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Old Santa Rosa; Railroad Square comes back to life with shops, restaurants, renovations.

Once a bustling hub of northern California commerce, Santa Rosa's Railroad Square district slipped into disrepair as newer modes of transportation eclipsed the iron horse. In recent years, however, things old-fashioned and out-of-date have helped spur a remarkable revival in the area.

Venerable buildings within this national historic district have been dusted off and carefully rehabilitated. A large number now house antique dealers. In others you'll find a brewery, restaurants, and specialty shops.

Modern forces-a new cafe and club-add flair to the area's resurgence.

A place to stay, food, entertainment, and antiques-within walking distance

The historic district is bounded roughly by Sixth Street on the north, Davis Street on the east, Third Street on the south, and Santa Rosa Creek on the west. At its heart, directly across Wilson Street from the old Northwestern Pacific depot and park, is the recently renovated Hotel La Rose. Built soon after the 1906 earthquake to accommodate railroad workers and passengers, it retains its period charm while providing modern amenities. With a new courtyard annex, it has 49 rooms; doubles are priced from $49 to $89. For reservations, call (707) 579-3200.

Hotel La Rose's new owners have also breathed life into the former Railway Express Agency building just north of the depot. It's now home to Hogan's Bar & Grill, which offers inexpensive breakfast and lunch fare daily

You'll find district maps and information at the new offices of the Sonoma County Convention & Visitors Bureau, south of the depot park in the old Western Hotel. These buildings around the park are solidly constructed of massive basalt blocks cut by local Italian stonemasons. The nearby pits where the blocks were quarried also supplied paving stones for San Francisco streets.

Another newcomer with roots in the past, the Xcelsior Brewery, 99 Sixth Street, inhabits a former flour mill. The small brewery processes the contents of its gleaming copper brew kettles just a few blocks from the site of the old Grace Brothers Brewery an important contributor to Santa Rosa's early development. Sonoma County, now best known for its wines, once had its flatland fields planted largely in hops. Open daily, the brewery has free tours hourly noon to 6.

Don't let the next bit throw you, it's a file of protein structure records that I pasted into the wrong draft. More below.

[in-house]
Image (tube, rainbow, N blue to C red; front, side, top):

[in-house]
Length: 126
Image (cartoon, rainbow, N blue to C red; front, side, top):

Also attracting attention at the core of Railroad Square are some unabashedly trendy new businesses. At 115 Fourth Street the district's main avenue Polka Dots cafe is decked out in aqua and glossy black. Cheek by jowl with an antique dealer, it features local ingredients and wines for lunch and dinner (closed Sundays); (707) 575-9080. And on the corner of Fifth and Davis streets, the Daily Planet (578-1205) offers live comedy or dancing nightly.

Visitors reaching Railroad Square's western fringe will discover the spark of renovation igniting changes there. South of Sixth Street, cavernous 19th-century warehouses contain showrooms for antique and reproduction furniture.

A few blocks northwest, at Donahue and Decker streets, is a rare round barn used by an early vineyard owner when training racehorses. Current owners plan to convert the barn into townhouses, incorporating Santa Rosa's oldest house. Built in the 1850s, the house is on a platform in the lot next to the barn. To reach the house and barn from Railroad Square, go northwest on Wilson, turn left on Eighth Street and cross the tracks, then turn right on Donahue and walk two blocks to Decker.

How to find the square

Driving north on U.S. Highway 101, take the Downtown Santa Rosa exit; turn left on Third Street and pass under the highway. Go two blocks west to Wilson. Driving south on U.S. 101, the Downtown exit puts you directly on Davis. To reach Fourth, continue straight; to find Wilson, turn right.
COPYRIGHT 1987 Sunset Publishing Corp.
No portion of this article can be reproduced without the express written permission from the copyright holder.
Copyright 1987 Gale, Cengage Learning. All rights reserved.

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Publication:Sunset
Date:Sep 1, 1987
Words:610
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